American standard setters have admitted that there are still obstacles to be overcome as part of the country’s drive to converge US GAAP with international accounting standards.
Speaking at the ICAEW’s annual Brussel’s conference, Gary Michael Crooch (right), board member of the US’s Financial Accounting Standards Board, said the most optimistic thing he could say about convergence was that it ‘wasn’t easy’.
In remarks likely to dishearten supporters of convergence, Crooch said that being the first to attempt the project meant the US had encountered difficulties. ‘We are in fact committed to convergence, but my best message is that convergence isn’t easy,’ said Crooch. He went on to explain that while disagreements do occur ‘we are going to have to find a way to overcome them. We are the first ones that have tried to do this, and we have stumbled some.’
He added that the US was taking a ‘three-pronged approach’ of improvement, simplification and convergence of its accounting standards.
During last week’s gathering, standard setters from around the world pledged to ‘reduce differences’ between financial statements as the harmonisation of global accounting standards headed the conference agenda.
Convergence with US GAAP remains the holy grail for standards setters but a process of ‘reducing differences’ with IFRS is the priority for the time being rather than full-blown convergence.
‘If we can just hit the really big differences that worry the investors and kill them that would be a start,’ said Sir David Tweedie, chairman of the International Accounting standards Board.
Almost 100 countries now permit or require international financial reporting standards to be used, but standard setters across the world are determined to increase this number further, while reducing differences with local accounting principles in ‘third party’ countries.
Sir David emphasised that, along with the 94 countries that permit or allow IFRS, Japan, Canada and the US were all working to reduce divergence between their own accounting principles and IFRS, and he hoped China would do so ‘within the next five years’.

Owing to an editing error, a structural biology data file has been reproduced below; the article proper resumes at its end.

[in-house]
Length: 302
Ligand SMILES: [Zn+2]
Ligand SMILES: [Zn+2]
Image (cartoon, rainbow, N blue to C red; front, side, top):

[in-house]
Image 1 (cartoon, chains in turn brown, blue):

Toru Shikibu, deputy commissioner at the Japanese Financial Services Agency, said the issue could become political, however. ‘In Japan there is a tremendous effort being made to improve accounting standards to good quality global standards,’ he said.
Japan has been working hard to meet the Committee of European Securities Regulators’ drive for equivalence between third-party country GAAP. Shikibu said that he would like the efforts of Japanese standards setters to be ‘received seriously’.
Graham Ward, president of the International Federation of Accountants, said that convergence to international standards was ‘vital to our economic stability’ and to have a ‘duplicity’ of accounting standards would be ‘against the public interest’.
Does Darwin's theory apply to taxation? Colin ponders...
The EC has been instructed to draft a European Union (EU) directive authorising an EU financial transaction tax, which would apply to ten of the EU’s 28 member states
Accountancy watchdog the FRC has dropped its investigation into the former chief financial officer of Tesco, nearly two years after the supermarket was engulfed in an accounting scandal
Colin imagines how Apple's logo might change in the wake of the EC's ruling over its Irish tax arrangements